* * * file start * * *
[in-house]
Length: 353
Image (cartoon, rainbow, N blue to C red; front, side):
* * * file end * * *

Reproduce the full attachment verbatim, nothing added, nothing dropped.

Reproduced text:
[in-house]
Length: 353
Image (cartoon, rainbow, N blue to C red; front, side):